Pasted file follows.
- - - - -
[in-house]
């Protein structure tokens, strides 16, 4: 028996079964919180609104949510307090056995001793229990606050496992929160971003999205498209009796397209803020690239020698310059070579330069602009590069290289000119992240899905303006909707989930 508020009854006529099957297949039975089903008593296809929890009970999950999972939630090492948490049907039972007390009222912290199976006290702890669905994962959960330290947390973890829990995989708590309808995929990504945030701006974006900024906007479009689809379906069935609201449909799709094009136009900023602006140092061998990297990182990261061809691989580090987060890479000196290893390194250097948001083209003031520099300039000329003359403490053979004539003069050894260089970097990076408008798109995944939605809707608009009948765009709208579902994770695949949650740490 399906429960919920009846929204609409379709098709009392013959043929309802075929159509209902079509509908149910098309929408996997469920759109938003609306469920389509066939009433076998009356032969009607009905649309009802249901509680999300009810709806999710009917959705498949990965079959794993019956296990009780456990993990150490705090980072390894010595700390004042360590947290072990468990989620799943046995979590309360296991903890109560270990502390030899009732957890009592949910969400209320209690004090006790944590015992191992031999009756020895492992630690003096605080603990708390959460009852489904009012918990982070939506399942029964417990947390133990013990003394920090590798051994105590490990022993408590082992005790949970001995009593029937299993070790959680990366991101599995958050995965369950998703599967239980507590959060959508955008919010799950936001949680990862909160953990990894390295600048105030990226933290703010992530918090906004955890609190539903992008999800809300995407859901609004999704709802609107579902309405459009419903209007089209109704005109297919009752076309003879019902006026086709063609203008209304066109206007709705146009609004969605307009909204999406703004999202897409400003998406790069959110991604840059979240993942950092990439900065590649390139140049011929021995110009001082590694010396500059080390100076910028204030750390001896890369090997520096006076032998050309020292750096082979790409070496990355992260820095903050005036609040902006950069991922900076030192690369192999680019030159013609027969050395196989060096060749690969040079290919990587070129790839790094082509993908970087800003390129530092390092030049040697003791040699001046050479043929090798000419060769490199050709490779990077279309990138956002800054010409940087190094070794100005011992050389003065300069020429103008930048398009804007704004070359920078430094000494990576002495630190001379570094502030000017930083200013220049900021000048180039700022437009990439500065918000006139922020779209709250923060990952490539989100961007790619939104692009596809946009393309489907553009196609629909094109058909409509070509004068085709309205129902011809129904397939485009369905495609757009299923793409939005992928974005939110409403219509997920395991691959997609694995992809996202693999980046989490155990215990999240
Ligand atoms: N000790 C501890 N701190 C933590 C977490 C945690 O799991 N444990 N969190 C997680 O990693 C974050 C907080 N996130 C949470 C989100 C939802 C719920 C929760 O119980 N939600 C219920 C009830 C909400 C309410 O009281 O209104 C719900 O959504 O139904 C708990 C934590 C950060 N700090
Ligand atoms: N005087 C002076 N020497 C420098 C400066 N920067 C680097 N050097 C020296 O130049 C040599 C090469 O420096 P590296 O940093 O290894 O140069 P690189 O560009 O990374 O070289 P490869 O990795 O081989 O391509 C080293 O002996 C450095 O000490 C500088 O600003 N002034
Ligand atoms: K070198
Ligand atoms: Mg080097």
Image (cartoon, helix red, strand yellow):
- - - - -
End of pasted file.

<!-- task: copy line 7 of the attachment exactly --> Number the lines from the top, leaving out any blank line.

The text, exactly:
Image (cartoon, helix red, strand yellow):